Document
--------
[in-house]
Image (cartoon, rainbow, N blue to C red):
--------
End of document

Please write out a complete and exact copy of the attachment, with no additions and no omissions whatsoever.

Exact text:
[in-house]
Image (cartoon, rainbow, N blue to C red):